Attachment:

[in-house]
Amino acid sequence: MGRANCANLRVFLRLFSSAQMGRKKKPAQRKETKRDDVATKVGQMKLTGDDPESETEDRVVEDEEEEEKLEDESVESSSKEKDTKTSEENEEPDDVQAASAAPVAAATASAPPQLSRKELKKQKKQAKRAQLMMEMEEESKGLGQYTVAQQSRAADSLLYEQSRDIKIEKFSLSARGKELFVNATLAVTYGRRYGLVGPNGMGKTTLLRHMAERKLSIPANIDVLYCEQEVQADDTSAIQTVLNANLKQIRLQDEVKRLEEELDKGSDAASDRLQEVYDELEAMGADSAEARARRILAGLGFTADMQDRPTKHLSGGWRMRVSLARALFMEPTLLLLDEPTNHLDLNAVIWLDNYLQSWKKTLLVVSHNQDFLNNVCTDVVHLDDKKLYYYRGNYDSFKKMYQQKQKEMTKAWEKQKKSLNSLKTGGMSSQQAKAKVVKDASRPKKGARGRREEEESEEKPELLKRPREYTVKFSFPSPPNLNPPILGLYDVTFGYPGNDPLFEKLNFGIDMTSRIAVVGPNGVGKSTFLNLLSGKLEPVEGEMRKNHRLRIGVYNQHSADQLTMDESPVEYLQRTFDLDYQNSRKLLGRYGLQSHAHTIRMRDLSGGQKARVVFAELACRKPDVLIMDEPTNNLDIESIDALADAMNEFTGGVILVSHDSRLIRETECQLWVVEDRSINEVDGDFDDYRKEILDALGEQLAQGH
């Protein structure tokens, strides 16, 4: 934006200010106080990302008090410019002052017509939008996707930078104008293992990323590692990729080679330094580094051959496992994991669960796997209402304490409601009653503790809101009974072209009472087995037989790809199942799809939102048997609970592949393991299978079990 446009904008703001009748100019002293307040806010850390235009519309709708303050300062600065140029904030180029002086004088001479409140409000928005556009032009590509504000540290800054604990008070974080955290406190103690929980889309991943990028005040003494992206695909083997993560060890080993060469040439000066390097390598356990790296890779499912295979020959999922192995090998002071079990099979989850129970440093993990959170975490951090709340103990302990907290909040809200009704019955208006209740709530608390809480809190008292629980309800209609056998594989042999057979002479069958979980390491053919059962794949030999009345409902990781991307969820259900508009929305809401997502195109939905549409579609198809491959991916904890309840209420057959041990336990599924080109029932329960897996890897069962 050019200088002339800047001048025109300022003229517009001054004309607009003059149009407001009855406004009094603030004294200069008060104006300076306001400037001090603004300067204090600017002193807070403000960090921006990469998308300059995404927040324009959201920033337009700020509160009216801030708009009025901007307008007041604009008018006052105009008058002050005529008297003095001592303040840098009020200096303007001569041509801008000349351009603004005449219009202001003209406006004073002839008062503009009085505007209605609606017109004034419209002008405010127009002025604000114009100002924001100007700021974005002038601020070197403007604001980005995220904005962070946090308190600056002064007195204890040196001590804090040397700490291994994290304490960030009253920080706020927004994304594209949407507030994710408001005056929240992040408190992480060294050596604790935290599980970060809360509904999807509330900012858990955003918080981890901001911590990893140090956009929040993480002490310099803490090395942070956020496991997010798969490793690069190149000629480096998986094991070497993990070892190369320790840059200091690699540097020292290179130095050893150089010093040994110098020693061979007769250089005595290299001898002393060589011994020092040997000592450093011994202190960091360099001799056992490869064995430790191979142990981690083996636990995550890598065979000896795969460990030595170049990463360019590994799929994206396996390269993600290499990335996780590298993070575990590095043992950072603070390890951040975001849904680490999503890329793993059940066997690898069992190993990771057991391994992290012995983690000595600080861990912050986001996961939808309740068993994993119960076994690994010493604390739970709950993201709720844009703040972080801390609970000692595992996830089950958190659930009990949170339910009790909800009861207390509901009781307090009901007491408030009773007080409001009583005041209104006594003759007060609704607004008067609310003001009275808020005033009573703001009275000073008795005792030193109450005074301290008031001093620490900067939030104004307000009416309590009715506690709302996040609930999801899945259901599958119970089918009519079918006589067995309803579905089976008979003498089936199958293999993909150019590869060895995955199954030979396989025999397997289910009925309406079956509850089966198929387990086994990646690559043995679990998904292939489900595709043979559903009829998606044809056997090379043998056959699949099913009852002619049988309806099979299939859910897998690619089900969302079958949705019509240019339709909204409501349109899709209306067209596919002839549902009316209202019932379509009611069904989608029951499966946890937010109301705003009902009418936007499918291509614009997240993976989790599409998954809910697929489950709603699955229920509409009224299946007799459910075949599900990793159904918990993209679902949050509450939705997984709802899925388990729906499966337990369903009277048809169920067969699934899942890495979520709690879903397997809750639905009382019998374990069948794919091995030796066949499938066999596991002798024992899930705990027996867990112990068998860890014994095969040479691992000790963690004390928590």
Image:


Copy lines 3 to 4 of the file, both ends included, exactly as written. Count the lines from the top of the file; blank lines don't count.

């Protein structure tokens, strides 16, 4: 934006200010106080990302008090410019002052017509939008996707930078104008293992990323590692990729080679330094580094051959496992994991669960796997209402304490409601009653503790809101009974072209009472087995037989790809199942799809939102048997609970592949393991299978079990 446009904008703001009748100019002293307040806010850390235009519309709708303050300062600065140029904030180029002086004088001479409140409000928005556009032009590509504000540290800054604990008070974080955290406190103690929980889309991943990028005040003494992206695909083997993560060890080993060469040439000066390097390598356990790296890779499912295979020959999922192995090998002071079990099979989850129970440093993990959170975490951090709340103990302990907290909040809200009704019955208006209740709530608390809480809190008292629980309800209609056998594989042999057979002479069958979980390491053919059962794949030999009345409902990781991307969820259900508009929305809401997502195109939905549409579609198809491959991916904890309840209420057959041990336990599924080109029932329960897996890897069962 050019200088002339800047001048025109300022003229517009001054004309607009003059149009407001009855406004009094603030004294200069008060104006300076306001400037001090603004300067204090600017002193807070403000960090921006990469998308300059995404927040324009959201920033337009700020509160009216801030708009009025901007307008007041604009008018006052105009008058002050005529008297003095001592303040840098009020200096303007001569041509801008000349351009603004005449219009202001003209406006004073002839008062503009009085505007209605609606017109004034419209002008405010127009002025604000114009100002924001100007700021974005002038601020070197403007604001980005995220904005962070946090308190600056002064007195204890040196001590804090040397700490291994994290304490960030009253920080706020927004994304594209949407507030994710408001005056929240992040408190992480060294050596604790935290599980970060809360509904999807509330900012858990955003918080981890901001911590990893140090956009929040993480002490310099803490090395942070956020496991997010798969490793690069190149000629480096998986094991070497993990070892190369320790840059200091690699540097020292290179130095050893150089010093040994110098020693061979007769250089005595290299001898002393060589011994020092040997000592450093011994202190960091360099001799056992490869064995430790191979142990981690083996636990995550890598065979000896795969460990030595170049990463360019590994799929994206396996390269993600290499990335996780590298993070575990590095043992950072603070390890951040975001849904680490999503890329793993059940066997690898069992190993990771057991391994992290012995983690000595600080861990912050986001996961939808309740068993994993119960076994690994010493604390739970709950993201709720844009703040972080801390609970000692595992996830089950958190659930009990949170339910009790909800009861207390509901009781307090009901007491408030009773007080409001009583005041209104006594003759007060609704607004008067609310003001009275808020005033009573703001009275000073008795005792030193109450005074301290008031001093620490900067939030104004307000009416309590009715506690709302996040609930999801899945259901599958119970089918009519079918006589067995309803579905089976008979003498089936199958293999993909150019590869060895995955199954030979396989025999397997289910009925309406079956509850089966198929387990086994990646690559043995679990998904292939489900595709043979559903009829998606044809056997090379043998056959699949099913009852002619049988309806099979299939859910897998690619089900969302079958949705019509240019339709909204409501349109899709209306067209596919002839549902009316209202019932379509009611069904989608029951499966946890937010109301705003009902009418936007499918291509614009997240993976989790599409998954809910697929489950709603699955229920509409009224299946007799459910075949599900990793159904918990993209679902949050509450939705997984709802899925388990729906499966337990369903009277048809169920067969699934899942890495979520709690879903397997809750639905009382019998374990069948794919091995030796066949499938066999596991002798024992899930705990027996867990112990068998860890014994095969040479691992000790963690004390928590």
Image: